This is the way I was taught so this is the way I will teach. Or from the student’s point of view, this is the strategy I used for my pre-university qualifications and it got me here.
Systemic Challenges and Opportunities
High contact time, lots of students, tight deadlines, pressure to publish and get funding. Nobody wants more work but there is a way to integrate evaluation activities with REF, TEF and KEF. Give that a large number of funding bodies require us to provide Impact activities it makes sense to do a formal evaluation that might also lead to a publication.
Pastoral and Well-being initiatives
Mental Health and welfare are key concerns for both staff and students. Over-arching strategies that might be employed and evaluated include for example, Mentoring schemes, induction activities, transition to Honours, transition to post-graduation market.
Case Study 1
Here is a simple idea that we investigated with funding from the Proctor’s Office under the Teaching Development Fund. I had discussed with my Junior Honours students that every time I walked into the lecture it was like being in an Apple Store as all I could see was the back of laptops rather than human faces, I suggested that typing notes led to poorer retention rather than hand-writing. The following week it was exactly the same number of laptops. We obtained ethical permission to run a survey in Qualtrics asking questions about student activity in the previous semester during lectures (including whether they were using Facebook etc.,) and the grade that they achieved in a particular module. Our hope is that they will believe their own data even if they don’t believe my musings – my Research Assistant ditched her laptop in lectures after this.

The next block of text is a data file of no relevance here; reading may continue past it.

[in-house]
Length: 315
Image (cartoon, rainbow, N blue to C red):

Case Study 1 Here is a simple idea that we investi…
Digital Poster File
A PDF of our poster presenting the findings is here
Is the pen mightier … a recent article suggests maybe not URL
Case Study 2
In many Schools we deliver feedback and grades via MMS and predominantly we make them available at the same time by the appropriately agreed deadline. Students are often critical of the availability and usefulness of the feedback we receive although many of us doubt that they actually read the feedback and just look at their grade.
We decided to take a second year class in the first semester and for their first assignment give them (a) feedback only, (b) grade only, or (c) feedback and grade. We then looked at their performance in second semester on an equivalent assignment. Group (a) showed the greatest improvement in performance and this was statistically significant (the other two groups also improved but one would certainly hope for that anyway. We have rolled out this model on similar modules throughout our School from 2018 – Abertay University and Glasgow University psychology departments are also trialling this during this current academic year on the basis of our findings.
In MMS this is trivial as we can release Feedback only or grades and feedback so I see no reason for this to not be done in a two-step way with a short time-lag between the two, we adopted three days to allow all of the students to read their feedback (and presumably try to work out what grade they might receive). And added benefit of this is that it is a powerful check that feedback is indicative of performance and, where multiple markers are involved, it is consistent.